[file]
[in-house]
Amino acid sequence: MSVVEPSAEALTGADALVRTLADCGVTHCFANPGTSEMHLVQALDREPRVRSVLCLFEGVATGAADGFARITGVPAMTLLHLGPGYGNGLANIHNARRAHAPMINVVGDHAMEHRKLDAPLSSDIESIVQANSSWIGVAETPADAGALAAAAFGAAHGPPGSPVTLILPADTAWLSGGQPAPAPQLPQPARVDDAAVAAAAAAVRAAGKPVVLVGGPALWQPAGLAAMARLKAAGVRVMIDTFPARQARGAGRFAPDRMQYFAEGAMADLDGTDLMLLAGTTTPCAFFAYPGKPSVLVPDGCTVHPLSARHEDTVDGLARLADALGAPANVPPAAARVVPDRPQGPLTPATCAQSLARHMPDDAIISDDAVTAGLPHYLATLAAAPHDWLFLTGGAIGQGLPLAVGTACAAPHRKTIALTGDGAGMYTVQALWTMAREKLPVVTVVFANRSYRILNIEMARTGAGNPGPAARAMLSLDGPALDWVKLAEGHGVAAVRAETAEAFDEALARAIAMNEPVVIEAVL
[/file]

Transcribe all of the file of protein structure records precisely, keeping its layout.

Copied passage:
[in-house]
Amino acid sequence: MSVVEPSAEALTGADALVRTLADCGVTHCFANPGTSEMHLVQALDREPRVRSVLCLFEGVATGAADGFARITGVPAMTLLHLGPGYGNGLANIHNARRAHAPMINVVGDHAMEHRKLDAPLSSDIESIVQANSSWIGVAETPADAGALAAAAFGAAHGPPGSPVTLILPADTAWLSGGQPAPAPQLPQPARVDDAAVAAAAAAVRAAGKPVVLVGGPALWQPAGLAAMARLKAAGVRVMIDTFPARQARGAGRFAPDRMQYFAEGAMADLDGTDLMLLAGTTTPCAFFAYPGKPSVLVPDGCTVHPLSARHEDTVDGLARLADALGAPANVPPAAARVVPDRPQGPLTPATCAQSLARHMPDDAIISDDAVTAGLPHYLATLAAAPHDWLFLTGGAIGQGLPLAVGTACAAPHRKTIALTGDGAGMYTVQALWTMAREKLPVVTVVFANRSYRILNIEMARTGAGNPGPAARAMLSLDGPALDWVKLAEGHGVAAVRAETAEAFDEALARAIAMNEPVVIEAVL